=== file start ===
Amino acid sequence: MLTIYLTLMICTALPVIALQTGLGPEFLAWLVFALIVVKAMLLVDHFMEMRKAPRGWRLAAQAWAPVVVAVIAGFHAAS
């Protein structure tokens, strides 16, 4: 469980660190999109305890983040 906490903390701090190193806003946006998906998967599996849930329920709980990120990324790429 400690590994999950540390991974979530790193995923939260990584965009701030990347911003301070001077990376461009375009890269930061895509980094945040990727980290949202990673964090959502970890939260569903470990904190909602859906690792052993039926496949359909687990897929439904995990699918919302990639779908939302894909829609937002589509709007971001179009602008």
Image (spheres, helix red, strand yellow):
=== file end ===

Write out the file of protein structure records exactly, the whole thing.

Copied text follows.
Amino acid sequence: MLTIYLTLMICTALPVIALQTGLGPEFLAWLVFALIVVKAMLLVDHFMEMRKAPRGWRLAAQAWAPVVVAVIAGFHAAS
């Protein structure tokens, strides 16, 4: 469980660190999109305890983040 906490903390701090190193806003946006998906998967599996849930329920709980990120990324790429 400690590994999950540390991974979530790193995923939260990584965009701030990347911003301070001077990376461009375009890269930061895509980094945040990727980290949202990673964090959502970890939260569903470990904190909602859906690792052993039926496949359909687990897929439904995990699918919302990639779908939302894909829609937002589509709007971001179009602008």
Image (spheres, helix red, strand yellow):